An 87-year-old depositor who held a long sit-in at a Bank Audi in the Selim Salam neighborhood in Beirut on Tuesday to claim her own funds left around 7:30 pm after collecting approximately $5,500 in cash, her son-in-law, Ashraf el-Abbadi, reported to L'Orient-Le Jour.
The woman, Edro Khodr, was accompanied by her son, Hussein Saado, and claimed a portion of her savings — which amounted to $20,000 — in order to cover medical expenses. Part of the bank had been evacuated while negotiations were underway.
According to one of Khodr's family members, the bank offered $3,200 in cash, as well as another $3,200 at the Sayrafa platform rate of LL30,300 to the dollar, which Khodr's son had initially refused.
Finally, the son-in-law of the depositor told L'Orient-Le Jour that at 7:30 pm, she and her son left the bank after agreeing to collect $5,500 in cash.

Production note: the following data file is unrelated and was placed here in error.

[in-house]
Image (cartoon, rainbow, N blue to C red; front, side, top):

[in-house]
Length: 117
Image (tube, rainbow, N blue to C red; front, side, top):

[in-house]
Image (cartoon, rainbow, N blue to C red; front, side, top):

'Begging for her own money'
Edro Khodr, who was transported to another floor of the branch, away from journalists, arrived at the bank at 11:00 a.m., having thought to bring her blood pressure, diabetes and anti-coagulant medication.
In front of the bank, her daughter-in-law confided to L'Orient-Le Jour that she regretted Khodr could not withdraw her full $20,000.
"When you see a sick person, you feel sorry for them, you don't force them to beg for their own money," she complained. "If we were armed, the bank would have given us the money right away."
A member of the Cry of Depositors group, Rami Ghandour, was present at the scene as a sign of solidarity.
Bank hold-ups and sit-ins in branches by customers demanding their own funds have become commonplace amid Lebanon's economic crisis. On Nov. 23, there were three attempts by depositors to retrieve their frozen savings. Only one of the three depositors was able to recover any funds— $ 15,000.
Additional reporting contributed by Claude Assaf